FBI chief disputes White House claims on when it heard Rob Porter allegations.

WASHINGTON ― The White House’s attempts to explain why it allowed a top aide accused of domestic violence by both of his ex-wives to keep his job took another hit on Tuesday, this time from FBI Director Christopher Wray.

President Donald Trump’s other top aides have been claiming that they did not know about the domestic violence allegations against former staff secretary Rob Porter until recently and that they did not appreciate the full extent of the accusations until photographs of one woman’s injuries were published by news outlets.

But Wray, who was named to that job by Trump, told the Senate Intelligence Committee that the FBI had given the White House a preliminary report on Porter nearly a year ago.

“I can’t get into the content of what was briefed,” he said in response to a question from Sen. Ron Wyden (D-Ore.). “What I can tell you is that the FBI submitted a partial report on the investigation in question in March and then a completed background investigation in late July.”

Wray added that the FBI “soon thereafter” received a request for a follow-up from the White House, which it completed and returned in November.

The FBI closed out its investigation in January, but then received “additional information” in early February, which it passed along as well, Wray said.

White House officials did not respond to multiple requests for comment about Wray’s testimony, which contradicts timelines offered by the White House press office over the past week.

After the first news report of the domestic abuse allegations against Porter was published by the London-based Daily Mail on Feb. 6, the White House offered statements fully supporting Porter, who functioned as Chief of Staff John Kelly’s top assistant.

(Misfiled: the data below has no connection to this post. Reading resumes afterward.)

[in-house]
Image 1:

It was the next day, after The Intercept published photos showing one of Porter’s former wives with a heavily bruised eye, that White House press secretary Sarah Huckabee Sanders said Porter was resigning of his own volition but would stay on through a transition period.

And it was later on the night of Feb. 7 that Kelly released a statement saying that he was “shocked” by the latest reports and that Porter had been told to leave.

Wray’s testimony on Tuesday corroborates reporting by HuffPost that Kelly, who took over the chief of staff job in early August 2017, learned of the charges against Porter in November but kept him on anyway because he valued Porter’s help in bringing order to what had been a chaotic White House.

Trump himself has not spoken at all about the two women accusing Porter, but has said that he feels bad for Porter, wishes him well and hopes he will have a good career.

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